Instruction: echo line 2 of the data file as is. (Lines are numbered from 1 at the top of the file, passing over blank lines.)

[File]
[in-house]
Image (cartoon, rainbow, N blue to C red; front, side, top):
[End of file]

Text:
Image (cartoon, rainbow, N blue to C red; front, side, top):